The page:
Alienation is the isolation of labor from the process, the result, society, and humanity.

Some people would say that Karl Marx’s idea of alienation has gone out of style in social and political philosophy. Still, some people still use it to learn about debate and credit in the modern world.

Alienation is the isolation of labor from the process, the result, society, and humanity.
Alienation is the isolation of labor from the process, the result, society, and humanity.

Karl Marx’s idea of alienation is one of the most talked about ideas in political, social, and economic theory. It is an idea that Marx had when he was young. He got it from reading Friedrich Hegel. Marks first talked about the idea of alienation in his book Economic and Philosophical Manuscripts. He then went into more detail about it in his famous book Capital.

The MerriamWebster dictionary defines alienation as “a person’s withdrawal or separation from an object or position to which he or she was once attached” or, in the case of property, “a property’s convenience to another.” Marxists think of alienation as a feeling of being separate from one’s own work and of losing control over it.

Marx talked about four kinds of alienation.

To explain each of these, let’s use the example of workers at an iPhone factory.


First Form of alienation

People who work in these factories put in long hours to make high-end, expensive phones that they can’t buy and don’t own or have any control over. The phones are made for capitalists and are only made to be traded for money. Marks calls this first type of alienation “alienation from the product of labor.” As soon as the product is bought and controlled by someone else, it gets its own power. In modern times, manufacturing is highly specialized and segmented. Since the production process is so segmented, workers often don’t even know what they are making.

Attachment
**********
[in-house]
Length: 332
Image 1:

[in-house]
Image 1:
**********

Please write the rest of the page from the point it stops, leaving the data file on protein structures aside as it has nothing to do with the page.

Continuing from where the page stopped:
Second Form of alienation

He called the second one “alienation from the process of work.” People say that workers in iPhone factories work long hours in bad conditions for low pay. They do things over and over again. The more something is made, the more productivity power someone else can own and control.

Where does everyone work?

Even though the work keeps the worker alive, a lot of it is used to keep the means of production going for the benefit of the owners and their power. Marks said that when this happens, workers become unhappy.

Third Form of alienation

He wrote that the worker is worth less and less the more goods he makes. He can’t use his mental and physical energy the way he wants to, so he is physically exhausted and mentally low. So, the worker only feels at home when he’s not at work. At work, he feels like he doesn’t have a place to live. His work isn’t something he wants to do; it’s something he has to do. This is the third form of alienation from humanity.

Fourth Form of alienation

People do this boring work, and as they do it, they act less and less like people and more and more like machines. In an article in The Guardian, a worker at an iPhone factory said that she was responsible for wiping a special polish on the screens of 1700 iPhones every day.

Marx said that in such a situation, people lose what he called “species-being.” Species-being is what makes people human and different from other species. Because workers don’t want to lose their jobs, they also start to become more competitive over time. Because the job is so hard, they have to live away from their families because they can’t find other jobs that pay better.

Even though iPhones are now made in different factories in China, for a long time they were mostly put together at Foxconn’s 1.4-square-mile flagship plant near Shenzhen. According to an article in The Guardian, 45,0000 people worked on the huge property alone. In 2010, it was reported that many of the workers had killed themselves or tried to kill themselves because of how hard their jobs were.

A CBS news story about one worker named Yu said that her roommates were also from different parts of China, so there were major language barriers. Those things could have been fixed with time, but there wasn’t any time. She said that the factory was a big place with a lot of strangers. This shows the fourth type of alienation, which is being cut off from society.